The Early Modern Commons

Search Results for "Captain 'Major' George Winram"

Your search for posts with tags containing Captain 'Major' George Winram found 16 posts

The Wigtown Martyrs: Touching the Void between the Reprieve and Execution in 1685 #History #Scotland

In the infamous case of the drowning of the two female Wigtown Martyrs in 1685, a question that has not been asked is who could legally confirm that the two women had taken the Abjuration oath after they petitioned to be able take it on 30 April? Who...
From: Jardine's Book of Martyrs on 28 Jun 2020

The British Army of the Killing Times in the Winter of 1685 #History #Scotland

  On 10 December, 1685, General William Drummond wrote a memorial of the winter quarters appointed for the King’s Scottish Army, aka., the British Army, until further orders. The modern regiments descended from these regiments are @scots_guards,...
From: Jardine's Book of Martyrs on 23 Sep 2018

Dragoons in the Tavern in Dumfries in 1687 #History #Scotland

In 1687, five officers from His Majesty’s Regiment of Dragoons went drinking in Dumfries. Each of them doubtless had tales to tell of Covenanters they had pursued or killed … they also left a bill for the burgh to pay. Mistress Rome, who...
From: Jardine's Book of Martyrs on 5 Jan 2018

Top Ten “Killers” of the Killing Times of 1685 #History #Scotland

Which Scottish Army officers or individuals were implicated in the historical sources with the most deaths in the Killing Times of late 1684 to mid 1685? The result may be surprising to some, as this is not how history is “supposed” to be....
From: Jardine's Book of Martyrs on 29 Jan 2017

The Killing Times of 1685: Ridpath’s List of Covenanters Executed in the Fields

The 500th post… In 1693, George Ridpath, one of the first Scottish journalists, published a list of Covenanters who had been summarily executed in the fields. Ridpath’s list was copied from the list found in Alexander Shields’ A Short...
From: Jardine's Book of Martyrs on 11 Sep 2015

The Wigtown Martyrs: Who Condemned the Women to Drown in 1685?

Sir Robert Grierson of Lag is notorious in later tradition as a persecutor in the Killing Times of 1685. Many stories revolve around him in Dumfries and Galloway. He was a sheriff in two shires, Dumfries and Kirkcudbrightshire, and was particularly active...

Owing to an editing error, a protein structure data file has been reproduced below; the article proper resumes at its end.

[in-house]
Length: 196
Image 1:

From: Jardine's Book of Martyrs on 13 Jun 2015

Three Men Hanged?: Major Winram in Wigtown at Lambas, 1685

On 11 May, 1685, Major Winran and his men are said to have drowned the Wigtown Martyrs, Margaret Wilson and Margaret McLachlan. There is no evidence in government sources that they were present in the burgh on that specific day as the Presbyterian sources...
From: Jardine's Book of Martyrs on 2 Jun 2015

The Wigtown Martyrs: The Record of Penninghame Kirk Session, February, 1711

One of the key sources for the Wigtown Martyrs, perhaps the key source, is the account of their drowning drawn up by Penninghame Kirk Session in 1711. Penninghame parish was the home parish of Margaret Wilson, one of the women said to have been executed...
From: Jardine's Book of Martyrs on 2 Jun 2015

The Drowning of the Wigtown Martyrs: The Evidence of Cloud of Witnesses in 1714

Another version of the drowning of the Wigtown Martyrs appears in A Cloud of Witnesses For The Royal Prerogatives of Jesus Christ: or The Last Speeches and Testimonies of those who have suffered for the Truth, in Scotland, since the year 1680 (1714): ‘Upon...
From: Jardine's Book of Martyrs on 18 Dec 2014

The Way from Wigtown’s Gallows Hill

Where were the three Covenanters executed ‘at Wigtown’ in the summer of 1685 actually hanged? At first sight, the answer appears stunningly simple. They must have been hanged in Wigtown. However, the answer to precisely where they were hanged is a...
From: Jardine's Book of Martyrs on 12 Dec 2014

The Grave of Margaret McLachlan, the Wigtown Martyr

Margaret McLachlan, one of the Wigtown Martyrs, is buried in Wigtown Churchyard alongside Margaret Wilson and the three men hanged at Wigtown. McLachlan’s Graves at Wigtown © Lairich Rig and licensed for reuse. The inscription on her gravestone...
From: Jardine's Book of Martyrs on 4 Dec 2014

Daniel Defoe, the Wigtown Martyrs and an Enemy of God

Daniel Defoe’s account of the drowning of the two female Wigtown martyrs, Margaret McLachlan and Margaret Wilson, first appeared in 1717. He claims that his account of it came from ‘creditable witnesses’, but he does not name them. It is a remarkable...
From: Jardine's Book of Martyrs on 28 Nov 2014

The Wigtown Martyrs in Popery Reviving, 1714

A rare and undervalued account of the drowning of the two female Wigtown Martyrs in 1685, is found in the anonymous pamphlet Popery Reviving, which was published in 1714. The full title of the pamphlet, see above, gives some idea of how the Wigtown case...
From: Jardine's Book of Martyrs on 24 Nov 2014

Major Winram and the Dispute over the Parks of Baldoon

On 15 July, 1686, Lord Fountainhall notes a petty dispute before the Privy Council that involved Major Winram, the man that Presbyterian sources allege hanged three men at Wigtown… ‘[Sir David] Dumbar of Baldum gives in a complaint against Major...
From: Jardine's Book of Martyrs on 17 Nov 2014

The Attempted Assassination of Major Balfour at Glasgow in 1683

Major John Balfour of Mar’s Regiment of Foot commanded the garrison at Glasgow. He was later gained renown as a persecutor of the Society people. In late 1683, the Societies tried to assassinate him… ‘On the 3rd December 1683, some phanaticks...
From: Jardine's Book of Martyrs on 9 Mar 2013

James Renwick’s Preaching ‘Near Paisley’ in 1684

Soon after the Carolina Merchant banishments, James Renwick preached at Greenock and ‘near Paisley’. Both preachings almost certainly took place before Tuesday 29 July, 1684. According to Alexander Shields, Renwick’s preaching ‘near Paisley’...
From: Jardine's Book of Martyrs on 5 Dec 2012